As already stated in the comments, look into key_reads and key_reads_request with SHOW VARIABLES LIKE 'KEY%';. Check if key_buffer_size is big enough (https://dev.mysql.com/doc/refman/5.0/en/myisam-key-cache.html). You could arrange two different key buffers, one only for that specific table (https://dev.mysql.com/doc/refman/5.0/en/multiple-key-caches.html), one for the rest.

The suggestion with an index id_b, id_c should help a lot, since your query can then be processed completely in index, not from the (not bigger) "real table".

Try doing an analyze table A in low-traffic-times.

It really would help to split the table into many sections, especially for OPTIMIZE TABLE and ANALYZE TABLE, but your kind of query makes that really hard.

Doomed original solution: I think you create many N x N - block of rows, where N is the number of rows in tableA with identical id_b values, since the join has to combine the id_b - blocks. So when you have many rows for some id_b, time squares up with that number.

It might help to use subselect in that case.

EDIT: EDIT undone.

SELECT COUNT(*), OtherA.id_c 
FROM A OtherA where OtherA.id_b in (
    select DISTINCT id_b from A where A.id_c = [MY_SPECIFIC_C_ID]
GROUP BY OtherA.id_c

So the id_b can be selected in one scan and then can be sent through the index to find the right rows.

EDIT: The Explain inserted by the Questioner shows that this subselect is a very bad idea in that case, no wonder it takes forever:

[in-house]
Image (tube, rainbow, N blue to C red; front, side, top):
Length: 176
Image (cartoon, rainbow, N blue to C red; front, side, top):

EXPLAIN on the suggested query looks like this:

Extra-----------Using where; Using index
select_type-----DEPENDENT SUBQUERY
possible_keys---Uniqueness, id_b
Extra-----------Using where; Using index; Using temporary
share|improve this answer
That sounds like a reasonable explanation. The query you suggested however is not the solution - it's still executing after several minutes. Looking at the query I don't really understand why it's taking so long. Is IN() not using indexes? –  Max Apr 21 at 21:28
Could you please interrupt that and give an EXPLAIN? Sounds strange. Also your Explain (8 x 462) should take very short time. Try looking for big blocks, like select id_b, count(*) as cnt from A group by id_b oder by cnt desc limit 50; and if the optimizer is very wrong. Try an analyze table A;. Try producing a SQL-Fiddle? Sounds really interesting, but I'll be off for today –  flaschenpost Apr 21 at 21:32
I edited your answer with the EXPLAIN. I'll try all your suggestions tomorrow and update. Thanks a bunch for the suggestions given so far :) –  Max Apr 21 at 21:49
Be careful with "ANALYZE TABLE", it is still MyISAM and there 500M take their time with blocking of the table. This Explain shows a catastrophe. –  flaschenpost Apr 21 at 21:54
About the big blocks - it's by design of the underlying system not possible that a specific id_b entitiy is connected to more than 12 id_c entities. –  Max Apr 21 at 21:59
up vote 0 down vote accepted

As the EXPLAIN SELECT count(id_b), id_c FROM A WHERE id_b IN([concated_list]) GROUP BY id_c shows, the reason for the slow SELECT is that the id_b INDEX is not being used. Replacing the id_b INDEX with a (id_b,id_c) INDEX solved the problem and reduced the query time by 99% from 1-2s to 10-20ms depending on the specific c_id.

Thank you so much @ everyone for solving the problem, there is no way I would have been able to resolve this myself.